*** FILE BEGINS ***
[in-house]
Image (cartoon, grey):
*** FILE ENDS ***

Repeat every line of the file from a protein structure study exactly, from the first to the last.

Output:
[in-house]
Image (cartoon, grey):